Ok, so I haven't technically finished this yet. I still have an hour left in the audiobook. But I will definitely be knocking it out today. But the plot is finished and it's on to my least favorite part of every book, everyone is saying their goodbyes. The plot is over, and while okay the closure is great and if the book has great characters I'm eager to read more of them, but frankly just quit pussyfooting around and end the book so I can start the next one. I like closure and ending all in the same chapter. Harry Potter Six was a killer. "You mean I have to sit through the whole freakin funeral, and read another chapter after that?" I know I cried during the funeral, that's not the point. The point is I want to move on. Once the action stops for good my attention is shot.
That was a really long aside for what I mean to say, "What can possibly happen that is going to take up another hour?" Something has to. And I intend to download Deadline from Audible today so I can keep going. A word on the audiobook: Narrators can make or break a book for me. If you have a crappy narrator, or their voice does things to distract me, I won't be able to get into the book. Feed landed a great narrator.
I am not going to say a lot, 1) because I technically haven't finished it yet and 2) because Phil is listening to it, too. And Phil, Eakley is about as zombie-filled as this book gets. Don't get me wrong, they're everywhere, and they do attack, but they are part of the setting instead of part of the plot. The enemy is other people, not the zombies. Shaun and Georgia are trying to do their jobs in a world that is under the constant risk of attack or infection. But, you should still keep reading. Things get worse, and it's great.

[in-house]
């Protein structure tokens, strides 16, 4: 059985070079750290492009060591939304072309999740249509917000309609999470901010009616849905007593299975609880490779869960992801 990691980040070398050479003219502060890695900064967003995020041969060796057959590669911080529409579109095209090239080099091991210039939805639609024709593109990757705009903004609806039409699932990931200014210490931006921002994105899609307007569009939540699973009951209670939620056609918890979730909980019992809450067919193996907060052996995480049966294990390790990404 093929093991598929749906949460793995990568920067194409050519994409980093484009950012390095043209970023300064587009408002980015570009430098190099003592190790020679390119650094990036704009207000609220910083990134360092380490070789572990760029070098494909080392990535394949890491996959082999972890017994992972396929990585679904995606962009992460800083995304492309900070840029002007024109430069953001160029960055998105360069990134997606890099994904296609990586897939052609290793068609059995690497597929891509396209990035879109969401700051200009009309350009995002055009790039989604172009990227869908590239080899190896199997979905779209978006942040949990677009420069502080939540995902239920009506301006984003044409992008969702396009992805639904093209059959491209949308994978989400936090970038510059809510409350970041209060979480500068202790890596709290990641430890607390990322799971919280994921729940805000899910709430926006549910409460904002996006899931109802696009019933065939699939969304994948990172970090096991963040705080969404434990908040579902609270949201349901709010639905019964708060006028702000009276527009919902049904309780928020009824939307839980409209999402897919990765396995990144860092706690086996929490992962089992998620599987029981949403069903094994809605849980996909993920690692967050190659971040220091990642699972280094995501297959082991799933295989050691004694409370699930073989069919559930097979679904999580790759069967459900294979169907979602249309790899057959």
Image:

Mira Grant does one thing throughout the book that is normally frowned upon but works really well in this case. There is backstory, ALL the time. There’s probably as much backstory as there is current plot. But it’s necessary, otherwise we have no idea why something is important in this strange-and-different America. As a writer, if you want to know how to do backstory well, I suggest reading Feed.
I don’t really know what else to say without giving something away to Phil or to anyone else. Before I’d read the book, I thought it was fluff and had no idea why it had got a Hugo nomination. But Feed so deserved it. I also can’t believe that she wasn’t nominated for the Campbell Award for Best New Writer. I certainly don’t understand how Lev Grossman won it. This is one of the few catagories where I had read more than half of the nominations. I was rooting for Lauren Beukes or Dan Wells. Had I read Feed, I would have nominated Mira Grant (Seanan McGuire? Don’t know how pen names work in terms of awards. It’s not a secret, in any case.) Her book takes a look at how humans would realistically react to a zombie infection: by shutting themselves in their houses and forgoing all human contact, then how they slowly reemerge. She talks about the simple things like day-to-day life (not many writers can make putting in contacts interesting, but it’s because she tells you why. Again: backstory is important.) Her infection is slow moving, and I think she was very realistic the way she portrayed the world's reaction. Eventually, the government stops caring who dies in an effort to contain the virus. Eventually, a few smartasses decide it's a good idea to weaponize the virus. Inevitably, it's the nerds who save the day.
All in all, a great book. I definitely recommend it. It's been a long time since I've posted a review! (It's been a long time since I finished a book.) I'll wait to rank the book until I've completely finished it, but it will definitely be happening today.